Ilya Samsonov deserves his flowers for role in Maple Leafs’ turnaround

Photo credit:John E. Sokolowski-USA TODAY Sports
Alex Hobson
1 month ago
In a season riddled with ups and downs, the Toronto Maple Leafs have been playing some of their best hockey of the season as of late. They’re 8-2-0 in their last ten games, their leading goal scorer is on a legitimate push for 70 markers, and they’ve banded together and rallied in the wake of Morgan Rielly’s suspension for the crosscheck
Auston Matthews immediately comes to mind when you think of the players that have played a role in the team’s recent hot stretch, and with three hat tricks and 16 goals in his last 13 to bring him to 49 goals in 53 games on the season, it’s hard not to. Having said that, he’s been scoring at this pace all season, and the wins haven’t been strung together until recently. While Matthews’ torrid rampage is and should be celebrated, it’s hard to imagine the wins would be coming as easily without the sheer 180 we’re seeing from Ilya Samsonov. 
We all know the struggles Samsonov has faced this season, so we won’t dwell on it too much. But, when you go from a top-ten goaltender in save percentage (SV%) and goals-against average (GAA) to, at one point, the league’s worst goalie from a statistical standpoint, it’s hard not to talk about the downfall. Especially considering the lowest of lows the team has seen from Petr Mrazek and Jack Campbell in recent years. At the time he was placed on waivers and sent to the AHL, he had a not-great record of 5-2-6 with a disastrous .862 SV% and 3.94 GAA. It was reminiscent of the Mrazek/Campbell days in that the Leafs essentially had to go into each game with the mindset that they’d be allowing four or more goals.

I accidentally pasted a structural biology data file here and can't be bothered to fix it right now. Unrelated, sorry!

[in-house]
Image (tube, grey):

When Samsonov went to the AHL, he didn’t play a single game. General manager Brad Treliving stressed the importance of getting the former Washington Capitals first-rounder’s mental game back, considering that’s where the brunt of the problems began. Stopping pucks against lower-level competition wasn’t going to help at all – he needed a break from games and a chance to regain his composure outside of the spotlight. 
And so far, it looks like it’s worked wonders. 
To say the pressure was on Samsonov when he came back would have been an understatement, especially when you consider that Martin Jones was starting to show signs of slipping after his hot start as a Leaf. This is a guy who was being paid $3.5 million, nearly doubling last season’s salary, and expected to be the number one goaltender looking to shed the narrative of not being able to perform when it matters. Goaltenders always naturally have it rough in the Toronto market, and when you consider the circumstances surrounding Samsonov’s return, he essentially had the weight of a boulder on his shoulders. So how did he handle it? He stood tall (bending at the knees, of course) and lifted that boulder off of his shoulders himself. 
Since his first game back on January 14, he has a record of 7-2-0 with a GAA of 2.10 and a SV% of .916. He’s allowed two goals or less in five of his last nine games and has a shutout in that span too. For the first time all season, he looks like the guy the Leafs signed to be their starting goaltender. And here’s the kicker to that – the Leafs have one of the league’s best offences. They don’t need Carey Price-esque performances night in and night out, as much as I’m sure that would be appreciated. All they need is a goaltender who can give them a good chance to win. And that’s exactly what he’s given them in recent games.
Samsonov and Matthews aren’t the only ones responsible for the team’s strong play. They’ve had an uptick in depth scoring, specifically from unsung heroes like Bobby McMann, who has six goals in his last four games. They’ve tightened up and limited their mistakes on defence in the wake of Rielly’s suspension, and dare I say they look like they’ve grown some thicker skin when it comes to defending themselves and showing opposing teams they’re not going to be walked all over. 
All of this is great, but doesn’t matter if they’re not getting at least decent goaltending. 
And so far, last year’s version of Samsonov is starting to re-emerge from the shadows.

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